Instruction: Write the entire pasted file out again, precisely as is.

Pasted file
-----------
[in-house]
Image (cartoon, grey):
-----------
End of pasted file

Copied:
[in-house]
Image (cartoon, grey):